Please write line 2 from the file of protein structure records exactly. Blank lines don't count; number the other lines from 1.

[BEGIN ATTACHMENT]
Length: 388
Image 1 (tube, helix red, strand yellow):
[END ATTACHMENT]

Image 1 (tube, helix red, strand yellow):